The judge therefore concluded that landlords must be both registered and licensed in order to serve a valid s.21 notice, and the possession order made by the district judge was quashed.

Homeless trans people are not getting the help they need



John* was in the early stages of medical transition. Deciding to live openly as a trans man, after many years of deliberating, had caused his marriage to break down and compromised access to his child. These events led to serious mental health repercussions for him.

When John was interviewed for a new Shelter Cymru research study, he was living primarily in his van in rural Wales. He’d been homeless for nearly two years.

Despite having several decades of employment history he was working casual hours and trying hard to get a better-paid job – but none of his interviews had yet led to a job offer. He hadn’t told his employer about his trans status, believing that it would cost him work.

He had also not approached local authority homelessness services for help. Partly this was because he was under the impression that he wouldn’t be eligible for assistance as he was working a few hours a week.

He also had serious reservations about how he would be treated: like many other trans people, he worried that presenting to services would be an unpleasant experience in which his gender would be scrutinised and questioned.

Shelter Cymru’s new report, authored by PhD researcher Edith England, found that around half of the trans people interviewed had not used homelessness services despite clearly being homeless, sometimes over protracted periods.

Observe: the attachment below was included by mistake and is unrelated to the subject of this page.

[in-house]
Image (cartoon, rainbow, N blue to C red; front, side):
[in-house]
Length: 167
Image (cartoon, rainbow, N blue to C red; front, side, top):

The study, believed to be one of the largest datasets of homeless trans people in the UK, found that concerns over safety were a key factor keeping trans people from accessing help.

As well as sharing homelessness risk factors with LGBTQ+ people as a whole, such as family rejection, the study found that two additional factors existed for trans people.

First, relationship breakdown was an issue for trans people of all ages, often compounded by abuse.

Second, trans people often became homeless as a result of economic insecurity, with loss of employment especially associated with coming out as trans.

People who were accessing formal support for transitioning socially, legally and/or medically often found that maintaining access became extremely challenging once they were homeless.

But despite trans people’s fears about using homelessness services, the study found that some people who did use services had positive experiences. The overall picture was of services that want to help trans people, even though staff were not always aware of the best way to do this.

One solution that emerged was the need for specialist training for frontline staff – not just standard equalities training.

Trans people also expressed a strong preference for LGBTQ+ specific – or better yet, trans-specific – accommodation and support services, not only for young people but across the lifespan. Although this was seen as the ideal solution, there’s also a need for mainstream services to be accessible to trans people. Local authority service commissioners need to consider how this can be achieved in a way that is flexible and person-centred, rather than a generic one-size-fits-all approach.

John saw employment as his route out of homelessness. But repeated knockbacks from job interviews were taking a toll on his confidence: ‘Obviously I look good on paper because I’m getting interviews but I’m just not getting the work,’ he said. ‘And it’s quite gutting really, and I don’t know whether it’s because there’s something about me personally.